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Alan Alda in Scientific American Frontiers
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Darwin's Dangerous Idea


I think that Darwin's idea, properly used, is just the best idea anybody ever had. Abused, it can do a lot of harm.


ALDA: Why is that a dangerous idea?

DENNETT: I think that Darwin's idea, properly used, is just the best idea anybody ever had. Abused, it can do a lot of harm. So that's one of the reasons it's dangerous, but I think the more interesting reason that Darwin's idea is so dangerous is that it overturns perhaps the oldest idea that human beings have ever had; in fact, it's even older than the species, I think.

ALDA: How could an idea be older than the species?

DENNETT: Well, one of our ancestors, before homo sapiens, homo habilis, the handyman. And the handyman made tools. They were just rock axes, but they made tools. And I think that they might have thought that it always takes a big fancy thing to make a simpler thing. You never see a pot making a potter. It's always the other way around. It's big fancy things making simple dumb things. Darwin came along and said, you can turn that upside down. If you have the right sort of process and you have enough time, you can create big fancy things, even things with minds, out of processes which are individually stupid, mindless, simple. Just a whole lot of little mindless events occurring over billions of years can create not just order, but design, not just design, but minds, eyes and brains.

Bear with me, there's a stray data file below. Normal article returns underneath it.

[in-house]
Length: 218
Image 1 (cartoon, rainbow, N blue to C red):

ALDA: I can see how that's a revolutionary idea. Why is it dangerous?

DENNETT: Because a lot of people believe, and not foolishly, that if that's true then somehow life has no meaning. They're afraid that their own lives won't mean anything, that morality will evaporate, that the whole pageant of human existence somehow depends on not giving up this sort of top down idea.

ALDA: And yet there's this process that it relies on, which seems to be as great and supervising a power, in a way, as the old handyman's idea was.


The whole process of natural selection is itself wonderful. But it is composed of elements that are themselves mindless.

 

DENNETT: Well, you can't get something for nothing. Design is expensive. There are costs to developing something wonderful, and what Darwin saw was that those costs could be distributed over billions of years, and all you needed was this one little ratchet of Darwinism, which is, when you get a little bit of good design, you hang onto it. That's the principle of natural selection. The whole process of natural selection is itself wonderful. It has to be wonderful because it makes wonderful products. But it is composed of elements that are themselves mindless, just little patterns of order in the universe that makes this possible.

ALDA: Do you suppose some people feel that there's a lack of purpose to life if life is only the way Darwin describes it?

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